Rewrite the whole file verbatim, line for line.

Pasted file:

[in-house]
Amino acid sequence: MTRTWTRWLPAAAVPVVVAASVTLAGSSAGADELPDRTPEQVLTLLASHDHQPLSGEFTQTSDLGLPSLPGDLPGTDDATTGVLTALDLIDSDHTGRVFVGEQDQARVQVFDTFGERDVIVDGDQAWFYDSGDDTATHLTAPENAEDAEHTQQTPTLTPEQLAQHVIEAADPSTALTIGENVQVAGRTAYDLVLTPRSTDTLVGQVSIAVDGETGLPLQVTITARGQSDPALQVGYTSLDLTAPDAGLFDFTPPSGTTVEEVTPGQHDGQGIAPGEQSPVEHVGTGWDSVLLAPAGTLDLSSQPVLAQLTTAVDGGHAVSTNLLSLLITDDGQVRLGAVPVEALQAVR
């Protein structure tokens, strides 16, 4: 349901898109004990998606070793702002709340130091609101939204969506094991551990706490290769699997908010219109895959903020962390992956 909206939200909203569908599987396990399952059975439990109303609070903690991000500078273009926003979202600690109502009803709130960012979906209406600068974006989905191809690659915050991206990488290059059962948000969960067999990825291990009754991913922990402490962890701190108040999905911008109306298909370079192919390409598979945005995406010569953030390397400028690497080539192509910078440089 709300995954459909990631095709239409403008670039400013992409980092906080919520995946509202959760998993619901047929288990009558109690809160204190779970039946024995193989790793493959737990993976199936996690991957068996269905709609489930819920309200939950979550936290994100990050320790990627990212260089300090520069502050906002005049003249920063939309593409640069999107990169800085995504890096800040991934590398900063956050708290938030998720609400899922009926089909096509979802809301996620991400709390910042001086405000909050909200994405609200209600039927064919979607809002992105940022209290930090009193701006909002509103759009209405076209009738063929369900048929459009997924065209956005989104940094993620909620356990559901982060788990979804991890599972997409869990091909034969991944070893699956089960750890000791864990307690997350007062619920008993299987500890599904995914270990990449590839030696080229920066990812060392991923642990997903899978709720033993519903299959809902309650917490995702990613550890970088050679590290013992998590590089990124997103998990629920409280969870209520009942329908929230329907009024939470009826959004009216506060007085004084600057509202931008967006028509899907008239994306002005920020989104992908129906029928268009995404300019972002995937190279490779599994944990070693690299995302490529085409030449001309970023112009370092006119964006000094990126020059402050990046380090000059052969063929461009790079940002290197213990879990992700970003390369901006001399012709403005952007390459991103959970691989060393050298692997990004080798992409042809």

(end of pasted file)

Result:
[in-house]
Amino acid sequence: MTRTWTRWLPAAAVPVVVAASVTLAGSSAGADELPDRTPEQVLTLLASHDHQPLSGEFTQTSDLGLPSLPGDLPGTDDATTGVLTALDLIDSDHTGRVFVGEQDQARVQVFDTFGERDVIVDGDQAWFYDSGDDTATHLTAPENAEDAEHTQQTPTLTPEQLAQHVIEAADPSTALTIGENVQVAGRTAYDLVLTPRSTDTLVGQVSIAVDGETGLPLQVTITARGQSDPALQVGYTSLDLTAPDAGLFDFTPPSGTTVEEVTPGQHDGQGIAPGEQSPVEHVGTGWDSVLLAPAGTLDLSSQPVLAQLTTAVDGGHAVSTNLLSLLITDDGQVRLGAVPVEALQAVR
């Protein structure tokens, strides 16, 4: 349901898109004990998606070793702002709340130091609101939204969506094991551990706490290769699997908010219109895959903020962390992956 909206939200909203569908599987396990399952059975439990109303609070903690991000500078273009926003979202600690109502009803709130960012979906209406600068974006989905191809690659915050991206990488290059059962948000969960067999990825291990009754991913922990402490962890701190108040999905911008109306298909370079192919390409598979945005995406010569953030390397400028690497080539192509910078440089 709300995954459909990631095709239409403008670039400013992409980092906080919520995946509202959760998993619901047929288990009558109690809160204190779970039946024995193989790793493959737990993976199936996690991957068996269905709609489930819920309200939950979550936290994100990050320790990627990212260089300090520069502050906002005049003249920063939309593409640069999107990169800085995504890096800040991934590398900063956050708290938030998720609400899922009926089909096509979802809301996620991400709390910042001086405000909050909200994405609200209600039927064919979607809002992105940022209290930090009193701006909002509103759009209405076209009738063929369900048929459009997924065209956005989104940094993620909620356990559901982060788990979804991890599972997409869990091909034969991944070893699956089960750890000791864990307690997350007062619920008993299987500890599904995914270990990449590839030696080229920066990812060392991923642990997903899978709720033993519903299959809902309650917490995702990613550890970088050679590290013992998590590089990124997103998990629920409280969870209520009942329908929230329907009024939470009826959004009216506060007085004084600057509202931008967006028509899907008239994306002005920020989104992908129906029928268009995404300019972002995937190279490779599994944990070693690299995302490529085409030449001309970023112009370092006119964006000094990126020059402050990046380090000059052969063929461009790079940002290197213990879990992700970003390369901006001399012709403005952007390459991103959970691989060393050298692997990004080798992409042809």